I should mention that all files, Large JPEG and Raw, opened to their full size (68.7MB), although the JPEGs do so at the same 180dpi. Both open as 8-bit. My advice is that if you shoot and process from the JPEGs save them as TIFFs or do a Save As; in my experience in post the Raw files are naturally more amenable to yielding the best results.

What the Canon EOS M6 has going for it is its size, weight, and eminent portability, plus the fact that just about any mode is easy to set, be it exposure, focus, drive, white balance, etc. It delivered very good picture quality and Raw files easily enlarged to 13x19 inches and up. It is a good choice for travel, candids, family photos, and even for those who like sharing capabilities and selfies. Lenses are limited right now (at least compared to Canon’s vast offerings in DSLR lenses) but Canon has made a commitment to the mirrorless format and, knowing them, there will be many more choices coming.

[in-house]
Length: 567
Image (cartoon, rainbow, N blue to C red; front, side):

I must say that like many cameras these days the Canon M6 is perhaps overloaded with options and at first blush some potential users will be overwhelmed and even put off by the maxed out features, especially when bravely plowing through the online instruction manual. But given that many users will slim all that down to a practical path to making good images, and that true enthusiasts can find plenty to explore should they choose to do so, the Canon M6 represents an affordable option ($799, body only) for anyone looking to get way better images and options than any tricked-out smartphone or compact can provide.